Evaluation Of Flood Risks Using Flood Frequency Models: A Case Study Of Luvuvhu River Catchment In Limpopo Province, South Africa
Free (open access)
215 - 226
L. R. Singo, P. M. Kundu, F. I. Mathivha, J. O. Odiyo
The Luvuvhu River Catchment has experienced floods of varying magnitudes resulting from heavy rainfall associated with the Intertropical Convergence Zone and cyclones. Human activities in the catchment have aggravated risks of flooding. Risks of flooding have been experienced in the past, with the major ones occurring during sporadic rainfall events. This study aims to evaluate flood risks through rainfall distribution characteristics in the catchment using flood frequency models. Statistical analyses that include Gumbel and Log-Pearson Type III distributions were selected to perform flood frequency analysis. Peak flood magnitudes for the 2, 5, 10, 25, 50, 100 and 200-year recurrence intervals were estimated using the two distributions. In peri-urban areas such as the Luvuvhu River Catchment, design life of structures for low risks (10-year return periods) and medium risks (50-year return periods) catchments are important to manage risks. The results showed a general increase in the frequency of extreme events, accompanied by floods of higher magnitude. Design life of structures for low risks and medium risks catchments showed magnitudes in the range of 453.03 mm to 1495.48 mm for Log-Pearson Type III and 454.39 mm to 1370.16 mm for Gumbel’s. The detected amounts could be taken as the estimated limiting values for flood design purposes in the catchment.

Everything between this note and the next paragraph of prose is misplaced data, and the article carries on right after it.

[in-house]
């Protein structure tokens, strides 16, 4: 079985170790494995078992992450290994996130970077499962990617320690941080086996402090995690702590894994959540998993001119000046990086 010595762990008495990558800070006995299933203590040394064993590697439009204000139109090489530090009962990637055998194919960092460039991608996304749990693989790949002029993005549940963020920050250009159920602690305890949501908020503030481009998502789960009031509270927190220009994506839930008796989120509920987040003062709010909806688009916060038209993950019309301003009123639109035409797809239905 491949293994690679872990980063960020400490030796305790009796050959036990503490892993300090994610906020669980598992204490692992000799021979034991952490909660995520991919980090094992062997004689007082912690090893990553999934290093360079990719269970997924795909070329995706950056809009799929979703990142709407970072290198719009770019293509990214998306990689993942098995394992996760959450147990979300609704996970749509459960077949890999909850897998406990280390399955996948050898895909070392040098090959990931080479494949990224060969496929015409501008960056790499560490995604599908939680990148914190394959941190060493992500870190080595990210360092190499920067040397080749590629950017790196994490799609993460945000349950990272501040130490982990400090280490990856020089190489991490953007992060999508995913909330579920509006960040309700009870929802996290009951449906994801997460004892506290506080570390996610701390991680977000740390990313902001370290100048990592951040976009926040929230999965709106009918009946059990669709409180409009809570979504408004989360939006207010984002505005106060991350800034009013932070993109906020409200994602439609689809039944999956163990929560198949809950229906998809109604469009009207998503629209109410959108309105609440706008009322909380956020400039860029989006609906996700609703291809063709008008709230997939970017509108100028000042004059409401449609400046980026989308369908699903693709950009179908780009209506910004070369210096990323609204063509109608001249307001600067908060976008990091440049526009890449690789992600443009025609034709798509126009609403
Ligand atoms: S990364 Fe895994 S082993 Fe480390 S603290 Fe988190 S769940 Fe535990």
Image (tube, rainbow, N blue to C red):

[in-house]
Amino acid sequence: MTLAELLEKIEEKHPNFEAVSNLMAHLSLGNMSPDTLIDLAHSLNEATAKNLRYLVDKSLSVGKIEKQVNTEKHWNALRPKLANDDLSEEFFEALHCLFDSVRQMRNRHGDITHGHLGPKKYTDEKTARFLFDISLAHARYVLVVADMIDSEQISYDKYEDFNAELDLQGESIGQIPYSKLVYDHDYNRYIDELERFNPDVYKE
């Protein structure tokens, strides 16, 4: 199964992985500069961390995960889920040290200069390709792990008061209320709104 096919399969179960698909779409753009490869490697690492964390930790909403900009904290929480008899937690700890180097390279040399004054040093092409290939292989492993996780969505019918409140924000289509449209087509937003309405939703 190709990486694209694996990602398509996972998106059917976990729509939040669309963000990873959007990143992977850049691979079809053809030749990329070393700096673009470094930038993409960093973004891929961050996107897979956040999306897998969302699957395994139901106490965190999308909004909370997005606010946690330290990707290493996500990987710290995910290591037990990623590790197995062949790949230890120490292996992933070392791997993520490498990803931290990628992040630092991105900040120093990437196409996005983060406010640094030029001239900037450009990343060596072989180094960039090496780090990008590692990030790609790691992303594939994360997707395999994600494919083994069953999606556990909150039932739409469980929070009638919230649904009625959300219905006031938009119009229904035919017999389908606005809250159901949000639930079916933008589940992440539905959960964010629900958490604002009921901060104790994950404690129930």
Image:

catchment, design life, flood frequency models, flood magnitudes, flood risk, Intertropical Convergence Zone